for making odd or large shapes that need to be light weight to fly... I've had good results making frames out of balsa strips and covering with bristol board. I used CA to put the strips together and yellow glue to put the bristol board on.

I used bristol board 'cos it was recommended by TVM but I think 100# stock paper would work. and 100# will run through your color printer which will save you a bunch of effort finishing the rocket.
 

Hexnut

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We have done foam cutting with a home made "Foam Bow" for nose cones but it would work for what you are thinking. Check out this page on our site. It is does not have a whole lot of info but you can see the bow and the fixtureing we use. I plan on adding to the site on foaming but time has been tight.

https://www.trailertrashaerospace.com/foam_cutting_page.htm
 

Manwithbeers

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Fantastic! Great link for my Favorites. Thank you for posting that.
 

Elbmod

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wyldbill

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Originally posted by elbmod
The Rocket Formerly Known As Black (TRFKAB) and the HAPPY BIRTHDAY PARTY NAPKIN ROCKET OF THE APOCALYPSE
As noted in the post three above yours...;)
 

stevem

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wow - thanks very much guys - this has been lots of help.
the web site with the black rocket is great!
I think I'm going to give the foam a try.
where can one find a foam cutter or plans to build one?
 

stevem

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heres a pic of the NEW Duck Dodgers rocket...


also - powderburner - I'd overlooked your post. I may try the balsa first, I just got in some good size balsa lumber from BMS.
 

stevem

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oh man I just found the info on making a hot-wire foam cutter here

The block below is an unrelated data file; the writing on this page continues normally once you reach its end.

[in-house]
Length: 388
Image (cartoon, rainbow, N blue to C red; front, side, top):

I'm going to pick up some foam this evening - will the 'blue board' type of faom insulation work or do I need the regular white styrofoam stuff?
 

powderburner

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Either type will cut with a hot wire setup, and as far as I know, both types will produce dangerous (poisonous) fumes. Work outdoors if you can, or in the garage, or rig something with a big fan sucking the room air out the door.

We want you to be around long enough to report on your project after it is finished.
 

DavRedf

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I hav'nt tried this on anything as big as a rocket but it worked for drop tanks on a scale model aircraft.

Carve or mould the shape you want out of what ever, I used balsa and turned it to shape, cover in soap/oil to stop sticking and the wind sticky paper tape over it until you get the thickness you want. Let set, give a coat or two of varnish. Let dry then cut around the centre and remove the core. When all else is done a coupler can be used to hold it together.

David
 

Ray Dunakin

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Originally posted by stevem
Hi Guys,
I need some help - my son and I want to build a Duck Dodgers spaceship like the one in the new DD series on cartoon network.
Cool! I've been thinking about making a high power model of that spaceship ever since I first saw it -- maybe even a kit! I love the way it looks and think it would make a great fiberglass kit. But I'd probably make a few modifications to avoid copyright problems.
 

stevem

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Still working on our Duck Dodgers rocket - After reviewing all the options presented here I decided to go with the Vatsaas

The first picture is of the foam cutting tool I made. I found that a guitar string of .018 and a transformer setting of about 12volts produces the best cut with my setup.

The second picture shows the cutting jig and the roughly cut airframe.

so far this has been a lot of fun - I think the most enjoyable part is perusing the Vatsaas web site. These guys are amazing to me. I love thier sense of humor.

Next step will be to build a stand to rotate the airframe while I glass/epoxy it.
 

stevem

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made some progress on my first cigar-shaped rocket, AKA Duck Dodgers spaceship.

I am real pleased with how this is turning out. My apologies for the less than quality pictures.

The rocket will be 35" long and approx weight should come out just under 2lbs. (hopefully). I am trying to keep the rear as light as possible. The engine pods on the ends of the wings were turned using my drill/lathe. I used a cardboard template to make sure they were each identical and then I hollowed out the inside of them with a drill and a dremel.

This first pic is a shot of the major assemblies.
 

stevem

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next pic shows everything dry fitted together.
tonight I'll finish priming/sanding and start glueing things together.
 

cls

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Steve - awesome!! thanks for posting pix, very inspiring!! Can't wait to see it painted. and flying!

Cliff